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Happy Birthday, Bret Morrison!

Happy Birthday, Bret Morrison!

Posted by Ivan G. Shreve, Jr. on May 5th 2023

Although it was often difficult to tell on radio, actor Bret Morrison—born in Chicago on this date in 1912—was considered quite the practitioner of sartorial splendor. (That’s just my fancy way of saying he was well-dressed.) Morrison was often singled out by both his peers in the industry and devoted fans as being one of the best-dressed thespians in radio. An anecdote related in a February 1937 edition of Radio Guide notes that during a broadcast of The First Nighter Program (“Mr. First Nighter” being portrayed by Morrison himself), Bret introduced the show’s cast while toting a pair of crutches that he needed after injuring his foot in an ice-skating accident. Since the actors on First Nighter were required to dress in formal clothing, Morrison was using a monogrammed set of black crutches. Completing his ensemble were jet-black bandages around his foot (in lieu of the traditional white wrappings).

Bret Morrison was educated at Nicholas Senn High School in the Windy City, where he excelled at track, swimming, and dramatics (he was president of the Drama Club). He briefly attended the Art Institute after graduation, but the acting bug bit hard and soon he was working at the Chicago Art Theater. From there it was trodding the boards for stock companies and Bret also served a stint at the Pasadena Playhouse during a brief sojourn in California. Chicago was really where Morrison made his acting mark, however. His experiences in front of a microphone began while he was still in high school; Bret made his debut as an actor-singer on WCFL’s popular The Voice of Labor. In 1931, he walked into a radio studio and asked for a small part in a production of Dracula; he won the role and would eventually play the lead. Later, Bret was hired as the lead on a daytime musical soap opera program, Love Song.

Bret Morrison soon became one of the busiest radio actors in Chicago, chiefly playing the titular role on the popular The First Nighter Program (he gave up the part to Marvin Miller in 1940). Other programs on which he appeared include Attorney at Law, The Chicago Theatre of the Air (again allowing him to sing and act), Fifth Row Center, In Chicago Tonight, The Wayside Theatre, and Win Your Lady. Since the very definition of an industrious radio actor was making the rounds on the medium’s numerous daytime dramas, Morrison’s resume is choc-a-bloc with soap operas, beginning with the Chicago-based Lucky Girl. During his lengthy radio career, Bret appeared on Arnold Grimm’s Daughter (as Stanley Westland), Front Page Farrell (as Emil Rand and Victor Hillier), The Guiding Light (Clifford Foster), Road of Life (Linden Ware), The Romance of Helen Trent (Jonathan Hayward), Stella Dallas (Leo Kingsley), The Story of Mary Marlin (Mario Del Costillo), Woman in White (Dave Talbot), and Young Widder Brown (Conrad Phillips). Morrison also worked on Aunt Jenny’s Real Life Stories (as well as contributing scripts), Big Sister, and Ma Perkins.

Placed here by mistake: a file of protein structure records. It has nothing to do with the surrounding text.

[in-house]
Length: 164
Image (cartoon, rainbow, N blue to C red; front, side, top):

Bret Morrison’s resonant voice attracted the attention of many radio programs in need of an effective announcer and/or narrator. One of his best-known gigs was “The Speaker” on The Light of the World, a long-running dramatic serial inspired by The Bible. Bret also served as the host of Listening Post, another dramatic program featuring stories adapted from The Saturday Evening Post. Among the shows Morrison worked on as announcer and/or narrator include Best Sellers, Clara, Lu, and Em, Melody Theatre, and Musical Bouquet; Bret could also be heard on Adventure Parade, American Caravan, The Camel Caravan, The Carnation Contented Hour, Enchanted Seas, English Coronets, Hollywood Hotel, Manhattan Mother, Parties at Pickfair (as Mary Pickford’s leading man), Post Parade, Tent Show Tonight, and Vicks Open House.